The Controversial Story of Medicine's Greatest Lifesaver
W. W. Norton
On Sale: January 15, 2007
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A fascinating account of vaccination's miraculous,
inflammatory past and its uncertain future.
In 1796, as smallpox ravaged Europe, Edward Jenner injected
a child with a benign version of the disease, then exposed
the child to the deadly virus itself. The boy proved
resistant to smallpox, and Jenner's risky experiment
produced the earliest vaccination. In this deftly written
account, journalist Arthur Allen reveals a history of
vaccination that is both illuminated with hope and shrouded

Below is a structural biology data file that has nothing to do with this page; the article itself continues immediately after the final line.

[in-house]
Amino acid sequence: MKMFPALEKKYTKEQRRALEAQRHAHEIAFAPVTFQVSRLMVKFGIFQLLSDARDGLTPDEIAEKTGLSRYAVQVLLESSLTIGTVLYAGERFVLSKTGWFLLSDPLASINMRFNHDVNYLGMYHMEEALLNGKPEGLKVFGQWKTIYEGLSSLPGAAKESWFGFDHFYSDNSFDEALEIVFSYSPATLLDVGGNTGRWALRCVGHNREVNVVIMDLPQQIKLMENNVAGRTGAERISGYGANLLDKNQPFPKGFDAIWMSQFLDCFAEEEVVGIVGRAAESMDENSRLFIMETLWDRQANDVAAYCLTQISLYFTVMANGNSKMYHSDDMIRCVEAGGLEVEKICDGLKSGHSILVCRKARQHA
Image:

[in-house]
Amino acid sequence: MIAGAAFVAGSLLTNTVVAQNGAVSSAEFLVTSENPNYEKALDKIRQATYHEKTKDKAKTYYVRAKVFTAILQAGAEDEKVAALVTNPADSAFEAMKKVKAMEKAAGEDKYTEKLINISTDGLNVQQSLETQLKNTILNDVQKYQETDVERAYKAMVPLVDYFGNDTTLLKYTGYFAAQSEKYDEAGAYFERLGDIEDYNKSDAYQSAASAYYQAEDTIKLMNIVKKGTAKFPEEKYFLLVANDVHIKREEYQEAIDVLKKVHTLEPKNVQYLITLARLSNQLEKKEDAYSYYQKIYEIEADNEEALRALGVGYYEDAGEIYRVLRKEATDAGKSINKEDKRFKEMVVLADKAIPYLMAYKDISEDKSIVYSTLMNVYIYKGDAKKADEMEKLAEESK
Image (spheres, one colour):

by controversyâ€”from Jenner's discovery to Pasteur's vaccines
for rabies and cholera, to those that safeguarded the
children of the twentieth century, and finally to the tumult
currently surrounding vaccination.
Faced with threats from anthrax to AIDS, we are a vulnerable
population and can no longer depend on vaccines; numerous
studies have linked childhood vaccination with various
neurological disorders, and our pharmaceutical companies are
more attracted to the profits of treatment than to the
prevention of disease. With narrative grace and
investigative journalism, Allen explores our shifting
understanding of vaccination since its creation. 16 pages of
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